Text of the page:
Arches National Park -Part 2

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Fiery Furnace

If you love challenging hikes, you need to check out this natural labyrinth at the Fiery Furnace. The twisted sandstone walls, rock scrambling, narrow squeezes would be an exciting experience.

To enter the Fiery Furnace hike, you need to sign up for a guided Ranger your which is available May – September, or you can do the self-guided tour, but you must get a hiking permit from the park office.

Do you ever wonder how?
Myron thinking we need to do this hike next time
The layers of colour in the rocks!
Just sitting for a few minutes and enjoying the view before moving on.

Skyline Arche

This is a short and easy hike that starts in the middle of the parking lot.

So close, yet so far away!!
”its time to remember what it’s like to be alive” unknown
Standing at the bottom of Skyline Arch
Just two goofs trying to pose for a selfie!!
Doesn’t look that big, does it?

Now, zoom in and you can see hikers standing in the arch!
Picture on our way back from the arch to the parking lot.
I never want to stop making memories with you!

We had a great time touring the Arches and Canyonland National Parks, and we are both looking forward to our next trip back for some more hiking adventures and checking out Dead Horse State Park.

I wonder where we should head to next?!

Tails it is!

September 12, 2019

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Woke up to another wet and cool morning, we had light showers on and off last night. It appears the nights are getting colder and I would prefer not having to run our propane gulping furnace very often. These furnaces are definitely not energy efficient and use a ton of propane. On the plus side, Mother Nature has other options to help keep us warm….. I have been handed the ability to self combust, yup that’s right, these wicked hot flash and night sweat. Seriously does it ever end? I swear I have had these sucks for 10 years now!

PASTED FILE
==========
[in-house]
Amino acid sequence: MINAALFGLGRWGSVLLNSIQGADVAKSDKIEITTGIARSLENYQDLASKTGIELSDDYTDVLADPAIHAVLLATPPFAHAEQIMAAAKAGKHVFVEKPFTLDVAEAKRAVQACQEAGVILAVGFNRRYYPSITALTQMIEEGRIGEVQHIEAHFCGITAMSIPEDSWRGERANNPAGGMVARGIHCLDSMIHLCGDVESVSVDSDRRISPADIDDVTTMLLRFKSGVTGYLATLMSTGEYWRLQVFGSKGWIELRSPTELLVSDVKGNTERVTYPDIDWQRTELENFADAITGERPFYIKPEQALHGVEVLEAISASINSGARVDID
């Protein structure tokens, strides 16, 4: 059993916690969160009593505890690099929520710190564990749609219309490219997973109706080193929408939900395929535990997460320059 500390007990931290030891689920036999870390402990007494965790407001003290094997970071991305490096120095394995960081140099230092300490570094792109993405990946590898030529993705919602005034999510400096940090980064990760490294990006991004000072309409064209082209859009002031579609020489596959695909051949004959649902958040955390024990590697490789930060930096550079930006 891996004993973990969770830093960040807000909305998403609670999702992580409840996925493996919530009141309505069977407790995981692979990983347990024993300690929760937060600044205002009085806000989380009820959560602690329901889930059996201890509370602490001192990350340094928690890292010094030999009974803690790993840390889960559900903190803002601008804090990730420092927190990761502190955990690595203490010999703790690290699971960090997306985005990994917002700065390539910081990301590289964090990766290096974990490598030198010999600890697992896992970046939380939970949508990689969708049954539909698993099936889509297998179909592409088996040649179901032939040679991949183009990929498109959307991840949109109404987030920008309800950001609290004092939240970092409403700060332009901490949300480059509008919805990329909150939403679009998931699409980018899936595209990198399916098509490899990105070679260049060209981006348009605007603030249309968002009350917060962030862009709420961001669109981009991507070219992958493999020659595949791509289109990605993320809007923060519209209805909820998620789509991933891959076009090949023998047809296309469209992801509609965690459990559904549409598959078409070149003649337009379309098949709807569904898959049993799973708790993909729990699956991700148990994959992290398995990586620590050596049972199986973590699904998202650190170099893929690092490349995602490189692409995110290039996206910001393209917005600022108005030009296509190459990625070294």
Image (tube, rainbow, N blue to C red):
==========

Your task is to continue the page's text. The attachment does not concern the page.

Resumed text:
Funny, I always wished for a smoking hot body, menopause was not what I was thinking!!!

Last month I started working for our local campground. Staff were heading back to university and were going to be short-staffed till close up. It appears that my temporary fill-in will now be turned into a seasonal position next May 1-Oct 1. Perfect for us RV snowbirds as we head south middle of October, and are back home middle of April.

One month in., and I am enjoying it. Meeting new people from all over the world, I met a couple from Switzerland and a gentleman from Bermuda today. I love listening to their travel stories and hearing about their families.

Today’s project, the factory mounted the spare tire on the rear trailer’s bumper.

When we boondock, there are usually quite a few dips and washes we need to maneuver through. Our trailer is 38 ft, and that darn spare tire has been skidded a few times because it hangs so low. Today Myron relocated it, so now it is mounted just behind our rear trailer axle out of the way.

Spare tire has a new home

Besides truck and trailer maintenance, Myron has been busy this summer with his upholstery work and as a relief semi driver. It’s funny how things work out. He gets a call one day asking if he is interested in doing some relief driving. Lots of businesses don’t want to hire anyone full time as they may not have enough work for a full-time Employee, so hiring on a relief driver works perfectly for their business and us as well.

🍷, have a great one!

Condensation

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We soon discovered being in our Rv for an extended amount of time, the one thing we needed to carefully watch for was condensation. It will cause havoc in a camper.

Our friends Tom and Lori had an issue with condensation, and they strongly recommend we invest in a dehumidifier.

Pro breeze dehumidifier

These things are amazing. We purchased a large unit for our main living and kitchen area that holds 1500 Ml of liquid and then later purchased 2 small ones ( one for our bedroom and one for the basement solar compartment that hold 500ml each.

This past summer the humidity has been 85-99% so these units have done amazing collecting the liquid.

So we did our research, and discovered there are a few other things we could do daily that will help prevent condensation, so we thought we would share them with you.